Ah yes, crag approaches – usually consisting of a long uphill hike followed by some degree of climbing or scrambling. The demand of a hiking shoe that climbs well on rock has led to a niche market of approach shoes; one of the manufactures leading the way is Five Ten, we’ve been testing their new Guide Tennie Mid, the latest model of this popular approach shoe.
Comfort & Fit
Despite the small amount of padding, the Guide Tennie Mids were very comfortable straight out of the box and remained blister free during all the long hikes we did. We sized to our street shoe size (i.e. we tried the boot in UK 10.5, the same as our regular trainer size) and the fit was good, if a little spacious – but it’s always wise to allow room for padded hiking socks for your feet to expand during the day.
The Guide Tennie Mids appear well made, with a tough rubber rand running around the toe and heel they did not show any significant signs of wear during our test. However, we will be updating this section in a few months as we have not used the boots for a long enough period of time to state how well they lasted… First impressions are positive, stay tuned.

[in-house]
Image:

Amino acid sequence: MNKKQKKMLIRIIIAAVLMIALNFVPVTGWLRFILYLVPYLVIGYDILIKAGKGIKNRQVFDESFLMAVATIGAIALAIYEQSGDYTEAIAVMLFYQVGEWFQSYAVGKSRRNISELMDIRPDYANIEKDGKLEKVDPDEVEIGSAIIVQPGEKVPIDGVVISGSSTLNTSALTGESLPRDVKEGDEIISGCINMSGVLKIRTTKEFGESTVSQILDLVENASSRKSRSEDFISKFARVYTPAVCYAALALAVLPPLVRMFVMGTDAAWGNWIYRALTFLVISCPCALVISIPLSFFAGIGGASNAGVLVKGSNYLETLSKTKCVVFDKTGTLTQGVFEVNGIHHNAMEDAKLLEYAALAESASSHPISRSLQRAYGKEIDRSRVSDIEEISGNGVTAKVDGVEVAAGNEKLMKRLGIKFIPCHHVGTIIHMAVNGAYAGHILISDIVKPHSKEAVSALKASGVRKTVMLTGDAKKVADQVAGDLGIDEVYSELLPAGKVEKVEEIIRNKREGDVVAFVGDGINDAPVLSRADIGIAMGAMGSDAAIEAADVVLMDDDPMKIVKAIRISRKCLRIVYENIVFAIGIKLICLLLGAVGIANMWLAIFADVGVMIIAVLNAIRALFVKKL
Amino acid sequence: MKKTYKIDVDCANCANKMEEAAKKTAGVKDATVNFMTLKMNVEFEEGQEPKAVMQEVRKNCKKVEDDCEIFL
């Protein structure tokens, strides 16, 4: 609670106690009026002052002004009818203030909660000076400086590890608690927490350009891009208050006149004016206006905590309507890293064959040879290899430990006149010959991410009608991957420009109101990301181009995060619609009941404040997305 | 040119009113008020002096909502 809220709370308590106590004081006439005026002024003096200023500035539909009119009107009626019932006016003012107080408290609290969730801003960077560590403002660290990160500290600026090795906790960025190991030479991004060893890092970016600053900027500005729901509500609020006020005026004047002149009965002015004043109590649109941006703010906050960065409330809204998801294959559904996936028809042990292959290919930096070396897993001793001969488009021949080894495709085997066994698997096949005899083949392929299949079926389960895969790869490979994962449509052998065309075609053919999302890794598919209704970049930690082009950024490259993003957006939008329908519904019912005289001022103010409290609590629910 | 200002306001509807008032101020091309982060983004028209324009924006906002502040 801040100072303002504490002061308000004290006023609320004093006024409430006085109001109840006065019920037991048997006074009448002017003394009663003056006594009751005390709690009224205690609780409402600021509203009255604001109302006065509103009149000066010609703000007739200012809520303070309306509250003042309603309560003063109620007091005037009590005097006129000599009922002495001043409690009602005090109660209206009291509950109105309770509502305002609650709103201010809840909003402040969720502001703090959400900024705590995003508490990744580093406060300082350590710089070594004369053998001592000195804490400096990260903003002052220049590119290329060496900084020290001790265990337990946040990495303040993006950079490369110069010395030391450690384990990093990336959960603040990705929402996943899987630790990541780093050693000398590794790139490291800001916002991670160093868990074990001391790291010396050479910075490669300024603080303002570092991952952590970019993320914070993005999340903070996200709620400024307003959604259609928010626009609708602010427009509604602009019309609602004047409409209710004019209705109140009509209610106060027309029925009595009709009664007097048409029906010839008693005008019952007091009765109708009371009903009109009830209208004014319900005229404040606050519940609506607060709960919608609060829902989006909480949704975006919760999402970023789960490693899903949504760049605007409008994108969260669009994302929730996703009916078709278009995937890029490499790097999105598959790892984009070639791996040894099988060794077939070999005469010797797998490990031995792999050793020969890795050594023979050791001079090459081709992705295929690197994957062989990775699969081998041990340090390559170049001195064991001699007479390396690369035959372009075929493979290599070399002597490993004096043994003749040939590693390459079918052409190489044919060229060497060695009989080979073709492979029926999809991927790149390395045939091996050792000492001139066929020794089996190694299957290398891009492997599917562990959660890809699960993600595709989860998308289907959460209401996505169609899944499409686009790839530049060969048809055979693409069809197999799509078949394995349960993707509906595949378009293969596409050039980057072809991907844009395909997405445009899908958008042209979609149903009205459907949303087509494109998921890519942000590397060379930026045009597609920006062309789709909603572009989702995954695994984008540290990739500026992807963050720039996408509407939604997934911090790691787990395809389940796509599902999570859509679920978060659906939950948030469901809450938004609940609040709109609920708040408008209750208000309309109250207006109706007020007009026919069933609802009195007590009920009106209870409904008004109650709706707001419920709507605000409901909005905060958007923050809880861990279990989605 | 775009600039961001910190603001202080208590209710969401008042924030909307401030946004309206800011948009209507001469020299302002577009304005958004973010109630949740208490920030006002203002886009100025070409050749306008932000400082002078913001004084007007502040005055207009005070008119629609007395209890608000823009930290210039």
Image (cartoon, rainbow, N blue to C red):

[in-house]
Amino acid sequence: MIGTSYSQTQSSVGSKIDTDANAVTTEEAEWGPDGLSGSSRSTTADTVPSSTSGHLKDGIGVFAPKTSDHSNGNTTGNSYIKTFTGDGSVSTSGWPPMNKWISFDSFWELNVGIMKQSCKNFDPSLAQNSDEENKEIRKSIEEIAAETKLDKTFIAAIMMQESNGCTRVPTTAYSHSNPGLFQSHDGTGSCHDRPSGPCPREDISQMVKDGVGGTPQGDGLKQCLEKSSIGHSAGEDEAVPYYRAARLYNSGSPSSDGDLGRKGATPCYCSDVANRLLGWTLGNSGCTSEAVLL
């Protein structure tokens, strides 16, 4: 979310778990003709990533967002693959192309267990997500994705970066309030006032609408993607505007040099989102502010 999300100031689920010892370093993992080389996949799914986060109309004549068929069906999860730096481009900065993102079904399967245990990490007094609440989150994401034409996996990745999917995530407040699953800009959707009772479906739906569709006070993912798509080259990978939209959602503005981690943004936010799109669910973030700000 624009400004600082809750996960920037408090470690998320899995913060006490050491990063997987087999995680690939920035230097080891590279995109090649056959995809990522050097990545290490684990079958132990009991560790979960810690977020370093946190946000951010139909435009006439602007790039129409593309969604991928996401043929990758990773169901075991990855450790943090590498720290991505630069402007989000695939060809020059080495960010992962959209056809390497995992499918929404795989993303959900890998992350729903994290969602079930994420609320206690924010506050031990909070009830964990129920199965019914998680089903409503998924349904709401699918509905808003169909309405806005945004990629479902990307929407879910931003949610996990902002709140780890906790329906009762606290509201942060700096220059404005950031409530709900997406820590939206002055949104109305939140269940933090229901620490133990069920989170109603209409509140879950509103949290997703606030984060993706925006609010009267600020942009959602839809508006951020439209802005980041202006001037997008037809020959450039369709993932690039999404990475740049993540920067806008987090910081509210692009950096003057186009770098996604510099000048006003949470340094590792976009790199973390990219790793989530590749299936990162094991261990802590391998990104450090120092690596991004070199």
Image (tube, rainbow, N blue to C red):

Hiking in 90°F / 32°C did result in sweaty feet… That said, the Tennie Mids do tend to breath fairly well and we found socks never became saturated even with the high heat. In no way do they breath as well as a trainer, but for a boot they are above average (this may be due to the thin padding).
The Guide Tennie Mids make excellent Via Ferrata boots
Although the boots do not have a membrane, the rubber rand and Nubuck Leather upper provided good resistance to water and can deal with a brief soaking but not total submersion.
Weighing in at 900g (size 9) for a pair, the Guide Tennie Mids are very lightweight in comparison with other mid height technical approach shoes (such as the Scarpa Ascent GTX 1030g & Salewa Hike Trainer 1130g), this is a really nice feature of the shoe especially when weight reduction is a concern.
As we mentioned, these boots do not have a large amount of padding around the sides – yet they remained comfortable for 45 minute hikes. We feel this lack of padding may become an issue on longer hikes (3hrs+) and maybe worth considering depending the ratio of hiking to climbing/scrambling you intend on doing. The sole is fairly stiff and certainly thick enough to deal with scree and sharp edges.
The Stealth C4 rubber and dedicated climbing edge stick to the rock fantastically, these boots give you bags of confidence smearing up slabs and climbing on anything up to 5.6/F4+ (probably higher). These boots are really at home scrambling up rocky outcrops and boulders on the way to your climb, and made excellent Via Ferrata boots – we’d imagine (although we did not test this) they’d also make good aid climbing boots.
The Five Ten Guide Tennie Mids are a comfortable and lightweight approach shoe that hike and climb well. If you’re hiking 90% of the time, it may be worth considering a dedicated hiking boot, but for those of you that do a lot of scrambling and climbing (as well as via ferrata) these boots are an excellent consideration. For more information, visit: www.fiveten.com